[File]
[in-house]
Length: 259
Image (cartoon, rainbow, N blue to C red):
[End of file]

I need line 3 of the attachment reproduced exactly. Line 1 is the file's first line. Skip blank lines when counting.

Image (cartoon, rainbow, N blue to C red):